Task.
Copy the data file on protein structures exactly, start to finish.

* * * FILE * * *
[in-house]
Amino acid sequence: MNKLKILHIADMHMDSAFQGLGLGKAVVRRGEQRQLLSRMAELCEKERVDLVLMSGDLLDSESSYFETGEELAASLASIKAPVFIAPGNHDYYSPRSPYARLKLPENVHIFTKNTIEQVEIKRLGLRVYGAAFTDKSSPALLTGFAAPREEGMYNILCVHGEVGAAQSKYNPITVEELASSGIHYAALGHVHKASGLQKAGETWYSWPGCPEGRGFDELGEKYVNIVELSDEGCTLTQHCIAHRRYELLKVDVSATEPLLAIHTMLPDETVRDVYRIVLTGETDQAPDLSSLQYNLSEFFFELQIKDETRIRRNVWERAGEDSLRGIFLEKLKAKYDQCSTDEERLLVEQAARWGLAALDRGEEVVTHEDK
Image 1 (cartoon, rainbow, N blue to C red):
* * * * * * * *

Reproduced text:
[in-house]
Amino acid sequence: MNKLKILHIADMHMDSAFQGLGLGKAVVRRGEQRQLLSRMAELCEKERVDLVLMSGDLLDSESSYFETGEELAASLASIKAPVFIAPGNHDYYSPRSPYARLKLPENVHIFTKNTIEQVEIKRLGLRVYGAAFTDKSSPALLTGFAAPREEGMYNILCVHGEVGAAQSKYNPITVEELASSGIHYAALGHVHKASGLQKAGETWYSWPGCPEGRGFDELGEKYVNIVELSDEGCTLTQHCIAHRRYELLKVDVSATEPLLAIHTMLPDETVRDVYRIVLTGETDQAPDLSSLQYNLSEFFFELQIKDETRIRRNVWERAGEDSLRGIFLEKLKAKYDQCSTDEERLLVEQAARWGLAALDRGEEVVTHEDK
Image 1 (cartoon, rainbow, N blue to C red):